Newly-Introduced Harvard Business School Curriculum Adds Spark to Episcopal History and Government Classes
If you could to take one of Harvard’s most popular Freshman-level courses at the high school level in the teaching style used at their world-renowned business school, would you? Would you be intimidated? Would you worry whether or not you’re smart enough to keep up with the pace of such a course? Or, would you dive right in? That’s precisely what many 10th and 11th grade U.S. History and U.S. Government students at Episcopal are doing this year. Mr. Vincent Hoang and I had the pleasure of attending a Harvard Business School (HBS) professional development workshop earlier this semester to learn about the materials for the course, titled “History of American Democracy.” We have been impressed with our students’ response to the course so far.
What makes the course unique, in addition to its affiliation with one of the most famous universities in the world, is the method it deploys to engage students. For over 100 years the Harvard Business School has employed the “case method” to teach its MBA students how to think through complex issues and problems. There are no textbooks. There are no lectures. Students learn by reading, thinking, and doing instead.
Before each class meeting, Harvard Business School students read through a complex 20-30 page case study on a topic like “Baria Planning Solutions, Inc.: Fixing the Sales Process” or “Bain Capital and Dollarama” before arriving in class. At the end of the case study, students are left with a cliffhanger. They know the information that confronted a corporate board or CEO in the past, but they do not know what decision(s) they made. The hook is for students to hash out what they would have done in the situation. In class, there is no lecture. There are no powerpoints or presentations. Instead, students are met by a professor and a series of blank chalkboards. The information comes from them. The teacher initially asks broad questions in a Socratic style and begins to jot down pertinent information from student responses on each board. The class meeting operates as a place to hash out the main ideas and specific details of the case study everyone read. As the discussion goes along, the questions get more specific. A large percentage of the grade each semester is based not on tests, but on meaningful class participation. While someone could sit, say nothing, and gain knowledge in these case study seminars, they would not be allowed to pass the course.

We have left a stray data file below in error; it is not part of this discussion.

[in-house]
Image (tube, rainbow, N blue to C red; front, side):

In 2013, Professor David Moss decided to try this method as an introductory-level U.S. History/Government course with Harvard undergrads. Students found the course readings and the high-level intellectual discussions they spurred quite engaging. Before long, high school teachers asked for permission to use the cases in their schools in 2014-15. Moss and the Harvard Business school began a pilot program that year with a handful of teachers. Since that time, the program has spread across the country. At the moment, 240 high school social studies teachers in 25 states and the District of Columbia are offering the course. Because of that three-day seminar experience, Mr. Hoang and I are the first two social studies teachers in the state of Louisiana to establish a partnership with the Harvard Business School that grants us full permission to use and teach the same materials used in the school’s “History of American Democracy” course. After only one semester, Episcopal’s students have shown that they are up to the task.
In my AP U.S. History course, students read and annotated “James Madison, the “Federal Negative,” and the Making of the U.S. Constitution (1787)” last semester. After spending two days discussing the Constitution and the ideas of the Founding Fathers such as the desirable size and scope of the federal government and the crises that necessitated a new Constitution after the American Revolution, students showed a meaningful, lasting grasp of the era’s issues. While many 10th and 11th grade students might be anxious about reading a complex document written at a level for a Harvard freshman, Episcopal AP students performed well. Not only did they hit the same points that Harvard students in Moss’s course typically hit, the connections from the class discussions carried over to their performance on tests and quizzes.
Because of this early success, we assigned case studies to students to discuss as soon as the second semester got underway. Rather than the typical Christmas break work I would normally assign to AP students, students were asked to read and annotate a case study on Reconstruction and the Compromise of 1877 which they discussed this week. Honors students began the second semester by reading about Lincoln’s difficult decision of whether or not to resupply Fort Sumter, which ultimately led to the Civil War. Finally, our U.S. government students will discuss the role of political parties to begin the semester by reading and debating about the strengths and weaknesses of California’s decision to move toward a secret ballot as opposed to public voting in the 1890s.
Dr. Billy Pritchard
Dr. Billy Pritchard is a native of Winn Parish, Louisiana. He and his wife, Lisa, came to Episcopal in 2015 after spending the previous decade in Buffalo, New York. Dr. Pritchard is a 1999 graduate of the Louisiana School of Math, Science, and the Arts. In addition, he earned a bachelor’s degree from Centenary College of Louisiana, a master’s degree from Ole Miss and doctorate from SUNY-Buffalo. Dr. Pritchard teaches U.S. History, Honors AP U.S. History, American Presidency and the Civil Rights Movement.